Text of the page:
These can involve harassments, falsification of employee data, inaccuracies on public filings or flagrant violations on contracts. Usually when one issue is uncovered it signals the due diligence team that there are probably other issues out there, inciting them to start digging deeper than they otherwise would. For most big acquirers ethical lapses are simply not tolerated. This is the number one HR issue that will chill, if not completely kill, a deal. So, practice good hygiene. Build a solid foundation for your company and keep it clean.

6. Consider a transaction readiness service

To fully prepare for the scrutiny a potential buyer will exact on your company you may also want to consider employing a transaction readiness service. These services assess your company for major M&A risk factors and recommend a course of remedial action. Typically, the assessment will consist of interviews with the CEO, the CFO and any other key stakeholders that have sufficient knowledge of operations, strategy, financial performance and value proposition. They will then return with a proprietary analytical overview of your company and identify the areas that require remediation.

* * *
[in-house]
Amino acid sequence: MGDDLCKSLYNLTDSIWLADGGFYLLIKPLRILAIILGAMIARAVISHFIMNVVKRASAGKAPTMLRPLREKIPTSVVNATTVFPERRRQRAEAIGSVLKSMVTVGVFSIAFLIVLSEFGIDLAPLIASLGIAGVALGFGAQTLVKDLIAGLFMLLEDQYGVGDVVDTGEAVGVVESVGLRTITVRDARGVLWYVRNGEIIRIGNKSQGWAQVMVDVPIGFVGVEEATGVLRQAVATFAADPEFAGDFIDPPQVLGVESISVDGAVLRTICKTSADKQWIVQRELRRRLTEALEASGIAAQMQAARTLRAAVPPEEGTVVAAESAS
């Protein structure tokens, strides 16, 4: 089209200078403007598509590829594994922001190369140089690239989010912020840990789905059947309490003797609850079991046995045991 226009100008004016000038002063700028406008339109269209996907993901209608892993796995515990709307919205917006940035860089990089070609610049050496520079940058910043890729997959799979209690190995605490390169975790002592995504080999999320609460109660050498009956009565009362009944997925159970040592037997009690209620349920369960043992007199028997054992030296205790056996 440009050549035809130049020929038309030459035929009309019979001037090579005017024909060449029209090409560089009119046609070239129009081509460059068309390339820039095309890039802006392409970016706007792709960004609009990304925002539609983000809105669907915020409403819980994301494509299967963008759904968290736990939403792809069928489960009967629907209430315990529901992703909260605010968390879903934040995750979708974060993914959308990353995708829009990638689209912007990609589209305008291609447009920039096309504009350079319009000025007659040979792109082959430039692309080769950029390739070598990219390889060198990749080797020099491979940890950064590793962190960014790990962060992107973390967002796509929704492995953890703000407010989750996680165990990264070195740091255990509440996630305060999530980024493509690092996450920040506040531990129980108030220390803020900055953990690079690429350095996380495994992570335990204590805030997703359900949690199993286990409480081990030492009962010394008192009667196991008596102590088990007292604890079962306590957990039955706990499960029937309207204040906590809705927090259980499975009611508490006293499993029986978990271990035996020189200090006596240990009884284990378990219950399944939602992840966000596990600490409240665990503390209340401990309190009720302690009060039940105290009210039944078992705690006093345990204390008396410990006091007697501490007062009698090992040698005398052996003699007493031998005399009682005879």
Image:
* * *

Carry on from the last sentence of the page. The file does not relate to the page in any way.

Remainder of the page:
Today’s buyers are ruthless when it comes to due diligence, so it’s imperative when entering into a potential transaction to be organized, thorough, and to ensure that nothing the buyer might be interested in seeing is inaccurate, missing or unresolved.

To learn more about how to maximize the value of a deal, download the below white paper on The Art and Science of a High M&A Valuation: